The Montessori curriculum for toddlers is founded on six interwoven areas of development: sensory and perceptual, physical, cognitive, gross and fine motor skills, self-care and personal development, and social and emotional skills.The toddler classroom should provide a progressive environment that promotes freedom of movement, integrates daily routines, and offers experiences that encourage children’s growth and independence, based on their needs, capabilities, and interests.

The activities offered include a wide range of engaging tasks, such as rolling a rug, walking gracefully on a line, diligently washing our hands, mastering pouring and transferring skills, honing fine motor skills with dressing frames, taking care of clothes by washing and folding them, developing cognitive skills through sorting by color, size, and shape, and captivating phonics learning with a fun game of “I spy.” And these are just a glimpse of the many captivating activities we have in store for you!

  • Early Childhood / Primary Program (3-6 years):

The Primary Program is the most well-known and widely implemented Montessori program. It serves children from ages 3 to 6 and is typically offered in preschool and kindergarten settings. During early childhood, the Montessori curriculum expands upon the skills and activities acquired during the toddler stage. It encompasses a wide range of subjects, including practical life skills, sensorial activities, math, spoken language, reading and writing, peace and cosmic education, cultural studies, art, and music. It provides more complex activities and materials. The child-centered curriculum emphasizes self-efficacy, independence, motion, sensory perception, language, and cognitive development. Children are given the freedom to pursue their interests, choose their activities, and proceed at their own pace, developing abilities in reasoning, imagination, and sociability.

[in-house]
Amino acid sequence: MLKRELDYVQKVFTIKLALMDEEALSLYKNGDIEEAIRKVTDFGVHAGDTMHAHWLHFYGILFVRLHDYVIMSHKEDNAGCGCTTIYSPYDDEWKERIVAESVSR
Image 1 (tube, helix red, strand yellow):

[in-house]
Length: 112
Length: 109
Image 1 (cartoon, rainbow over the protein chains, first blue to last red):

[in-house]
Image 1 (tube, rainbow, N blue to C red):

Activities included: threading and sewing, sound bells, baric bars, raking, moveable alphabets, sandpaper letters, open and close, color tablets, bead bars, washing and cleaning, three-part cards geometric solids, constructive triangles, globes and puzzle maps, rhythmic instruments, science concepts like sink and float, animal classification, and many more.